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Redundancy Consultation Rules: A Tale Of Two Workplaces10th Feb 2015

by Neil Andrews on 10th Feb 2015

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Two workers employed by the same company could be doing exactly the same job and be paid exactly the same salary.Neil Andrews Partner Coles Miller

But when it’s time for redundancies, one is entitled to a prescribed consultation period (and compensation if they do not receive it) – the other is not.

Why? Because they’re employed in different sized branches. The one in the big branch with 20+ employees has redundancy consultation rights. The other in the small branch does not.

Hardly seems fair does it?

Yet this is precisely the scenario the Advocate General of the European Court of Justice is recommending the ECJ to approve.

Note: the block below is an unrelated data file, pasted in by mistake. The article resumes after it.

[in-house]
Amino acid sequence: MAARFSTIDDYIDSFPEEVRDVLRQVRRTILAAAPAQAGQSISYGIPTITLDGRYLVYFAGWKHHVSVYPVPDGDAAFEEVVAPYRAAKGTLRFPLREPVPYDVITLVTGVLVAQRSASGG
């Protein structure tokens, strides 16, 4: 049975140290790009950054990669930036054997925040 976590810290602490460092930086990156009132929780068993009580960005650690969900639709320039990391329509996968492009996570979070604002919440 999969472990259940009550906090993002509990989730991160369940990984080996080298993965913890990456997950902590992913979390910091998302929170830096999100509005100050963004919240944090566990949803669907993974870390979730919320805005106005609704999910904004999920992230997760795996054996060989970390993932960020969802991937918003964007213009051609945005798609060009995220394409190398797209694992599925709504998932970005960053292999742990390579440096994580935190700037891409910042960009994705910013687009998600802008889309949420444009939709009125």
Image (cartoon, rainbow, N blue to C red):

And the ECJ probably will approve it – because the ECJ usually does.

This case – which arose following the Woolworths administration of 2008 – illustrates how surprising and far-reaching employment law rulings and recommendations can be.

Employees worried about their redundancy rights can find out more here.

Meanwhile, small firms will be delighted at the scenario unfolding at the ECJ.

It is one less strand of red tape for those who collectively employ more than half of all private sector workers and represent 50 per cent of UK GDP.

But the employers should temper their joy with caution.

You do not have to look too far back in the recent history of employment law to see that employees who lose one set of rights are quick to pursue other legal avenues when aggrieved.

So employers need to be certain that all their bases are covered and that all their employment policies, contracts and other documents are in order before they think about making redundancies. They can get more information here.

For expert legal advice on all aspects of employment law, contact solicitor Neil Andrews, 01202 673011.

This document is not intended to constitute and should not be used as a substitute for legal advice on any specific matter. No liability for the accuracy of the content of this document, or the consequences of relying on it, is assumed by the author. If you seek further information, please contact Managing Partner Neil Andrews at Coles Miller Solicitors LLP.